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O031 Pelvic Inflammatory Disease (PID), Mycoplasma genitalium and macrolide resistance in England


Background/introduction Mycoplasma genitalium (MG) is increasingly implicated in PID pathogenesis with many studies showing MG is as common as chlamydia in high-risk women. Current PID treatment guidelines specify antibiotics with low efficacy against MG. Increasing reports of macrolide resistance suggests first line treatment for MG (azithromycin) may have limitations.

Aim(s)/objectives To document rates of MG in a cohort of women with acute PID, and the proportion with baseline macrolide resistance.

Methods As part of a multicentre, open-label, non-inferiority RCT comparing ofloxacin/metronidazole (arm-1) with azithromycin 1g day-1; 500 mg od day 2–5, metronidazole/ceftriaxone (arm-2), samples were collected for baseline chlamydia, gonorrhoea and mycoplasma infection. Microbiological cure rates were documented at 6–8 weeks. Positive MG specimens were examined for macrolide resistance using a 23S rRNA PCR.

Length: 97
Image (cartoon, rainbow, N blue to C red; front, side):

Results 313 women were recruited, median age 25. Preliminary results showed chlamydia was confirmed in 9.5%, MG in 8.2% and gonorrhoea in 0.4%. Of the 16 samples available for resistance testing, 9 (56%) had macrolide resistance mutations (A2058G/T, A2059G/C) at baseline. The reference laboratory received test-of-cure samples for only 8 patients with MG, of which 6 were negative, however 2 remained positive, both with A2059G nucleotide substitutions. Further results will be presented.

Discussion/conclusion MG infection was nearly as common as chlamydia in this cohort. Failure of patients to return at 6–8 weeks affected our ability to properly assess test-of-cure rates. Baseline macrolide resistance was unexpectedly high and impacted negatively on treatment success.

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